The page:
Friday, January 11, 2013

More Austin/Washington transit

As is often the case during the first week of the legislative session, there's too much going on for me to cover in any depth, so I'll just dump the links that I've been collecting and let you draw your own conclusions. (Well, mostly.)

Hutchison mentioned for vacant Transportation Secretary position: Ludicrous at face value. Kay Bailey resigned from the Senate in order to return to Texas, be with her children, and earn speaking fees while she decides what to do next. She is NOT going to turn around and go back to DC and work in the Obama administration. FWIW I think that job is likely to go to Jennifer Granholm, who has some time on her hands now that Current has been sold to al-Jazeera.

Ron Kirk is also leaving the Obama administration. I just hope he has a Senate seat -- or perhaps the top job in Austin -- in his 2014 sights.

Greg Abbott is telling donors he's running for governor. This I believe. Even if "run" is the wrong verb to use. Update: Via Kuff, Paul Burka has some deep thoughts on this.

Folks, if we don't stop this guy, he'll wind up in the White House not so many years from now.

Twenty state parks may have to close next year due to funding cuts. Abominable.

Worse than abominable: Rick Perry’s Refusal to Expand Texas’ Medicaid Program Could Result In Thousands of Deaths.

Strong opposition stands in front of Dan Patrick's school vouchers legislative effort: I don't think the opposition is all that strong. The Republicans have the numbers in both chambers. This is probably going to happen. However...

Senate keeps two-thirds rule and eliminates exceptions.

Following a closed-door meeting, senators with little debate agreed 27-0 to leave in place the so-called “two-thirds rule” that allows 11 of the 31 senators to block a bill from coming up for debate. But they voted to remove a provision added four years ago that allows for “special exceptions” — a change made by Republicans that allowed them to debate a voter-identification bill that Democrats had been blocking.

State Sen. Dan Patrick, R-Houston, a leading proponent of dropping the rule, said it “cuts off our ability to have debate” on issues that are important to Texas — sometimes because senators don’t want to have to cast a public vote that some constituents or interest groups might not like.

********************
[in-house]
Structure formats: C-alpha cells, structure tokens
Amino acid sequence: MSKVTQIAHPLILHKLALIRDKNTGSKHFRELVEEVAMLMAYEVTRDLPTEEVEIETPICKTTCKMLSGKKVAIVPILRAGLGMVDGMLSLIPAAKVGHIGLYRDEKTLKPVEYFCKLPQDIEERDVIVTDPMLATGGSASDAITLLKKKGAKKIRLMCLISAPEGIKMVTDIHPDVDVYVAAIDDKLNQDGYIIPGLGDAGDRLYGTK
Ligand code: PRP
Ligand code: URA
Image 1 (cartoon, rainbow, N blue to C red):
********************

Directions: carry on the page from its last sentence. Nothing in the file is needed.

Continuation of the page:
He suggested that a more robust and open debate of state issues would result from dropping the rule, which has been in effect for decades. Most senators have said privately they believe the rule gives them more clout — that one vote can make a difference in whether a bill can be considered by the full Senate.

Sen. Royce West, D-Dallas, championed the rule as “a long tradition that has served this body well” in requiring consensus-building before bills come up for a vote. “It distinguishes us from other bodies,” he said.

Sen. Kevin Eltife, R-Tyler, the author of Wednesday’s resolution and chairman of the Senate Administration Committee, said most senators for months have not supported dropping the rule, even though a behind-the-scenes drumbeat for the change has continued in recent weeks.

“It’s now back to the way it read before 2009. There are no special exceptions,” Eltife said.

Since I mucked up that post with bad math, this development makes me very happy despite the strengthening of Dewhurst's hand, mostly because it weakens Patrick's.

That's why they call it the lesser of two evils.

Update: EOW has a good collection of things I did not mention above, including this.


Gadfly said...

I will NOT do the "tip jar" for state parks. Per the story, send all the sporting goods tax where it should go.

The "tip jar" idea, while noble, simply encourages libertarian types.

PDiddie said...

The state has plenty of money to preserve the legacy of our parks without tip jars, admission fee increases, and all the rest.

It's a matter of priorities.